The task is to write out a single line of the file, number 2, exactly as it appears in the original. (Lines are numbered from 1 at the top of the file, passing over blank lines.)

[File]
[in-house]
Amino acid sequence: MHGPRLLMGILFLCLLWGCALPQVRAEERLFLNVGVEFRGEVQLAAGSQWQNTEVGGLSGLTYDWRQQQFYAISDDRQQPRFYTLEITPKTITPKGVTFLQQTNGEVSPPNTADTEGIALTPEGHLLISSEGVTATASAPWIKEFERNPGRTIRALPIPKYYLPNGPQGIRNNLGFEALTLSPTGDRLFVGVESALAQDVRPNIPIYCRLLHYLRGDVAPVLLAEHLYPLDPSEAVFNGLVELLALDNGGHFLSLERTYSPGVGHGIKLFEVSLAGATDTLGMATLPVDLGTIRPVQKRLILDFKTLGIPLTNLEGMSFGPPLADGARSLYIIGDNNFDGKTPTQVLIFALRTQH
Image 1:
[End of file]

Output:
Amino acid sequence: MHGPRLLMGILFLCLLWGCALPQVRAEERLFLNVGVEFRGEVQLAAGSQWQNTEVGGLSGLTYDWRQQQFYAISDDRQQPRFYTLEITPKTITPKGVTFLQQTNGEVSPPNTADTEGIALTPEGHLLISSEGVTATASAPWIKEFERNPGRTIRALPIPKYYLPNGPQGIRNNLGFEALTLSPTGDRLFVGVESALAQDVRPNIPIYCRLLHYLRGDVAPVLLAEHLYPLDPSEAVFNGLVELLALDNGGHFLSLERTYSPGVGHGIKLFEVSLAGATDTLGMATLPVDLGTIRPVQKRLILDFKTLGIPLTNLEGMSFGPPLADGARSLYIIGDNNFDGKTPTQVLIFALRTQH